It appears in the book of Psalm 71 times and a total of 74 times in the Bible. Is it a pause? Is it something like saying amen? Do anyone know what it means?
Meditate, think about.
Have you ever read a scripture and thought on it and thought on it for maybe days or on and off for a time period- And than all of a sudden you get what it meant or you see there's even more meaning to it?
This is meditating on the word.
Meditating on the word of God causes revelation to come.
Thank you heavenbound5511 for answering my question. I agree with you on meditating on the word of God.
Joshua 1:8--This Book of the Law shall not depart from your mouth, but you shall meditate on it day and night, so that you may be careful to do according to all that is written in it. For then you will make your way prosperous, and then you will have good success.
I have been told by my Hebrew neighbors: the term used when playing instruments a lot. It generally means to exhale fully -letting go of all old and then breathing in the new. It also is respected as a breathing technique during meditation.
I do not know about all this other, but here is an explanation I looked up, if it helps: From Wickpedia:
"Selah (Hebrew: סֶלָה, also transliterated as selāh) is a word used frequently in the Hebrew Bible, often in the Psalms, and is a difficult concept to translate. (It should not be confused with the Hebrew word sela‘ (Hebrew: סֶלַע) which means "rock.")
It is probably either a liturgico-musical mark or an instruction on the reading of the text, something like "stop and listen". "Selah" can also be used to indicate that there is to be a musical interlude at that point in the Psalm. The Amplified Bible states Selah as "pause, and think of that".
The Psalms were sung accompanied by musical instruments and there are references to this in many chapters. Thirty-one of the thirty-nine psalms with the caption "To the choir-master" include the word "Selah".
Selah notes a break in the song and as such is similar in purpose to Amen in that it stresses the importance of the preceding passage. Alternatively, Selah may mean "forever", as it does in some places in the liturgy (notably the second to last blessing of the Amidah).
Another interpretation claims that Selah comes from the primary Hebrew root word [calah] which means "to hang", and by implication to measure (weigh). Also "Selah" is the name of a city from the time of David and Solomon.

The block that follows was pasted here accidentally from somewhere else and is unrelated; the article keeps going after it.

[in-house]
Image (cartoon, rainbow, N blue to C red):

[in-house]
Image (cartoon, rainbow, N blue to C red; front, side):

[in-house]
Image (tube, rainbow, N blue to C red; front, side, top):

I believe the word originated as a term in music which meant to pause or wait.
My understanding of selah is that it is kind of an obscure Hebrew word found (you are right) in Psalms and in Habakkuk. "Selah" is usually translated as a synonym of "for evermore." It is somewhat used as a confirmation of a preceding phase or sentence; also used in musical transition from one choral piece to another in Congregational gatherings. Again, I emphasize 'obscure' Hebrew term...
Hope this helps~
Thank you K9strokes. Your answer is very helpful.
contemporarily translated it means "think on these things". Meditate is a good word also but...
Meditate has two distinct meanings. Transcendentalists use meditation by emptying their mind and focusing on something or to enter into a trance thereby.
Meditate biblically used means to "think' about bible stuff", hence not emptying the mind nor going into a trance.
The Wikipedia definition is good. "Selah" is a musical direction that probably meant for there to be an instrumental interlude between lyrics. This works well for when "selah" appears in David's songs, but this literal musical definition doesn't make much sense in the examples of "selah" outside Psalms.
The op mentions that "'selah' occurs 74 times in the Bible". That is correct and it is a very important code! The combination of 7 & 4 is 'sacred geometry' and can be traced back to Genesis 7:4, "For in 7 days, it will rain for 40 days and nights". (This is the Bible's first usage of the recurring theme of #40.) The 4th Commandment "Keep the 7th day holy". An earthquake occured at Jericho when 7 priests with 7 horns marched around 7 times for 7 days. Moses did the #40 7x.